Recently, I read these two words: slight shock, and was put off. I suppose a shock can be slight. We hear of mild shocks in laboratory experiments, but in fiction the word slight weakens the word shock, and a different noun would be more accurate. Surprise might do, or something else. This is where our enormous language and a thesaurus can help. Or we can let it be a full-scale shock, nixing the slight.
I’ve written before about weakening words, but I’m guessing seeing that slight shock startled me into writing a refresher. We should be suspicious of such words, like slight, and also almost, nearly, half, a little, which can sap the vigor of our prose. These vocabulary miscreants are handy words, and sometimes they’re exactly right. We should just train ourselves to be aware when we use them and weigh whether they’re needed.
Words that punch up can also weaken, words like very and extremely. For example, if we write, The chicken-pot pie was extremely (or very) delectable–delectable says it all. We don’t need extremely or very.
My lecture segues nicely into this post’s question.
On July 31, 2016, Taryn Chan wrote, My older brother is the only other person besides me who has read my story. He says he likes it and there is nothing wrong with it. Unfortunately, I know better than that. My parents have no time to read my story, and my friends aren’t interested. Is there a good method for editing a story by yourself?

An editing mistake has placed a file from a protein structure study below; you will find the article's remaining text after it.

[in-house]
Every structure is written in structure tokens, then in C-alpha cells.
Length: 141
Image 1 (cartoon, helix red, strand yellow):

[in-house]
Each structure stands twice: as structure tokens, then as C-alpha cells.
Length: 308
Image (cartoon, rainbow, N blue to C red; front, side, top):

Christie V Powell responded: A few people have mentioned different websites where you can connect with people. The NaNoWriMo forums are a good one. As far as editing for yourself, I like www.prowritingaid.com. It’s a free site that will highlight some of your mistakes and helps make your writing better. There are a lot of similar sites (www.grammarly.com, for instance), but most require money.
Thank you, Christie V Powell, for these links!
I’m revising Ogre Enchanted, my Ella Enchanted prequel, right now before sending it off to my editor. Sadly, it’s in rough shape. A love story, but the romantic part isn’t right. My characterization of one of the major characters is muddled. The pace is slow in spite of time pressure on my MC.
How do I know all this?
Well, my editor has seen parts already. But I’d know even without her input, because I’ve been writing for almost thirty years (published for almost twenty). I know where I go astray, and pacing, for instance, is a regular issue.
So experience is a good teacher. By doing, we get better at diagnosing our flaws.
However, outside opinion can speed the process. A teacher can be recruited when family members are less than helpful. (It is kind, however, of Taryn Chan’s brother to be her reader and to be encouraging even if he’s light on the criticism. Encouragement is a wonderful boost to keeping us going.) For those who are home schooled, a librarian may be asked. Friends may also be helpful. We don’t need to be critiqued by other writers necessarily. The most important qualification we’re looking for is love of reading. A good reader is likely to notice where our story loses its way.
And the other most important quality is kindness. Global criticism (“This is lousy,” for example) isn’t useful. We don’t learn from being ripped apart.